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Below the path between Las Negras and Cala del Cuervo we found this rare plant, Chaenorhinum crassifolium, growing in rock fissures.
The little blue irises are now in abundance on the cliffs between Las Negras and El Playazo.
It was a beautiful day and there were swimmers and sunbathers on the cove beneath Bateria de San Ramon and El Playazo.
Instead of returning the way we came, we walked inland and took a footpath opposite the old castle.
This footpath starts near this rock, which resembles a man’s head, and winds through a pass in the mountain range between El Valle de Rodalquilar and Las Negras.
Looking back, there are excellent views of El Valle with the palm trees and old castle.
The mountains are always beautiful in the evening light, especially with their dusting of spring green.
Beginning the descent to Las Negras, there is an old ruin with two olive trees on the left.
On the right, is this old windmill which has been converted into a small house.
Today has been another beautiful spring day and we walked up the steep ascent to the estepa above San Pedro. There are stunning coastal views looking back.
On the way, we photographed this dipcadi in flower, its unusual, beige-brown colouring camouflaging it in its preferred dry and stony habitat.
On the estepa there are many of these tiny narcissi in flower.
Along this path we once again found many wild orchids. We have recently published several orchid photos but not one of the bee orchid, and so here is a fine specimen we saw along our walk.
Behind the beach at Cala de Enmedio can be seen one of the botanical glories of Almeria, the Cistanche phelypaea. This beautiful parasitic plant is becoming more and more uncommon. This interesting specimen at the southern end of the beach was not quite in flower.
But later, under the cliffs at the north end of the beach, we found another which was in full bloom.
Despite the fine weather, 23C, and it being a public holiday weekend the beach was almost deserted.
A much rarer plant is this Sarcocapnos eneaphylla (the Spanish call it virgin’s slippers) which we have seen growing in fissures on large boulders opposite the Batteria de San Ramon near the same path.
By this path, where it descends down to Cala del Cuervo, a number of fan-lipped orchids are in flower.
I discovered this yellow linaria along the Rambla de Las Negras.
Also along this rambla there are groups of little mirror orchids.
The best location I have come across for orchids, though, is the path between Los Albericoques and Las Presillas. Here, yesterday, I found this pretty group of sawfly orchids.
Most impressive of all were these five large Barlia robertiana orchids.
On this walk, we turned back when we reached the Cortijo de Las Presillas Altas, but not before we spoke the the goats in their corral, many of which had kids.
This is one of the best walks for observing wild flowers in the Parque Natural de Cabo de Gata, but spring is not as advanced here at this altitude as it is in the valleys and ramblas.
Soon, the shrubs of cistus which grow in profusion along the path will be full of white and pink flowers. We saw only a few blooms, but wild thyme, rosemary and lavender are all in flower, making this walk a very fragrant one.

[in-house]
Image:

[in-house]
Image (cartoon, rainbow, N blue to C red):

The pretty white flowers of arenaria can also be found up here. This plant likes altitude and shade.
The wild orchids, though, are the botanist’s delight and we found quite a few splendid examples of sawfly orchids.
However, these orchids are often difficult to spot and hard to photograph as they tend to hide amongst the grasses and are often in shade.
Lower down near the mine workings we found some tiny mirror orchids.
Also along the path, near the old mine workings, are some wonderful specimens of the largest of the orchids, Barlia robertiana. This is spectacular example.
The photographs show both its flowers and its habitat.
I started off alongside the Rio Genil and then down the Cuesta Genil to the historic centre. The sharp light and bare trees created a wintery atmosphere. The church of San Basilio makes a good focal point here.
There were plenty of tourists about in the Plaza Bib Rambla.
I love the old buildings in this square. Once again the bare trees are evocative of winter.
On a corner this old lady is still selling flowers. I recall taking some photos of her at this time of year three years ago.
Many of the trees in the squares have been pollarded. They look quite dramatic here in Plaza Trinidad.
There were the usual buskers, pedlars and crowds of tourists at the Mirador San Nicolas from where there is a great view of the Alhambra with the Sierra Nevada behind. The snow on the mountains looked fresh and the snow line was quite low. Although today was bright and sunny I think the weather in Granada was pretty grim at the beginning of the week.
Finally I like this photo looking up the Acera de Casino from the Plaza Real. It seems to capture the spirit of the day. It even tells us the temperature – 16C.
On Friday, in the valley behind El Playazo, the bright yellow broom looked dramatic against the deep blue sky.
These pretty little blue irises have just come into flower.
Clumps of flowering wild thyme and lavender are growing between the olive trees.
This morning, a walk through the valley behind Los Genoveses beach took us through fields of wild flowers.
Bushes of broom and rue are flowering between the agaves that line the path.
The fields are carpeted with bermuda buttercups.
Bees were buzzing around flowers like these helianthemum
Here again, thyme and lavender are flowering.
This pretty allium is an example of the small plants which are able to thrive thanks to the grazing of a flock of white goats, a rare breed adapted to salt-laden and quite harsh conditions.
The two varieties of asphodel are abundant here.
These photos were taken early this morning. We are expecting 25C+ today.